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Campbell County, Wyoming

From Wikipedia, the free encyclopedia

Campbell County, Wyoming
Campbell County Courthouse in Gillette, Wyoming.jpg
Campbell County Courthouse
Flag of Campbell County, Wyoming

Flag
Map of Wyoming highlighting Campbell County

Location within the U.S. state of Wyoming
Map of the United States highlighting Wyoming

Wyoming's location within the U.S.
FoundedFebruary 21, 1911
SeatGillette
Largest cityGillette
Area
 • Total4,807 sq mi (12,450 km2)
 • Land4,803 sq mi (12,440 km2)
 • Water4.0 sq mi (10 km2), 0.08%
Population (est.)
 • (2016)48,803
 • Density9.6/sq mi (3.7/km2)
Congressional districtAt-large
Time zoneMountain: UTC−7/−6
Websitewww.ccgov.net

Campbell County is a county in the U.S. state of Wyoming. As of the 2010 United States Census, the population was 46,133,[1] making it the third-most populous county in Wyoming. Its county seat is Gillette.[2]

Campbell County comprises the Gillette, WY Micropolitan Statistical Area.

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Transcription

Welcome to Campbell County, a land rich in history and natural resources. Located between the Bighorn Mountains and the Black Hills of Wyoming is this rugged prairie landscape, known as the Powder River Basin. Early settlement of the area began in the late 1860s and 1870s when herds of cattle came up the Texas Trail, to graze the vast, open plains of northern Wyoming. The brutal winter of 1886 and 1887 decimated these herds of cattle and forever changed the settlement of this area. Smaller ranching outfits soon established, that used the more managed practices of stringing up fence and growing hay to ensure feed for livestock through the winter months. Land that was once valuable for large cattle enterprises, later became sought after as a nationwide energy source. Coal was first mined in Campbell County in 1909. Early coal mining was done with 2 and 4 horse teams that pulled earth scrapers, known as “fresnos” to gain access to the seams of coal. Oil was discovered in the mid-1900s and this, in conjunction with coal mining, led to major population booms throughout the years. So come visit the “Energy Capital of the Nation” and discover the cowboy and mining culture that it has to offer! From the University of Wyoming Extension, I’m Blake Hauptman, exploring the nature of Wyoming.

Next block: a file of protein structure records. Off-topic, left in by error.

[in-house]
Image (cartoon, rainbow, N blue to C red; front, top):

Contents

History

Campbell County was created in 1911 of land annexed from Crook and Weston counties.[3]

Campbell County was named either for John Allen Campbell, a governor of the Wyoming Territory or for Robert Campbell, an early trapper, who was a fur trader associated with William Henry Ashley.[4]

Geography

Eagle Butte coal mine north of Gillette
Eagle Butte coal mine north of Gillette

According to the US Census Bureau, the county has a total area of 4,807 square miles (12,450 km2), of which 4,803 square miles (12,440 km2) is land and 4.0 square miles (10 km2) (9.6%) is water.[5]

Adjacent counties

Major highways

National protected area

Demographics

Historical population
Census Pop.
19205,233
19306,72028.4%
19406,048−10.0%
19504,839−20.0%
19605,86121.1%
197012,957121.1%
198024,36788.1%
199029,37020.5%
200033,69814.7%
201046,13336.9%
Est. 201648,803[6]5.8%
US Decennial Census[7]
1870–2000[8] 2010–2016[1]

2000 census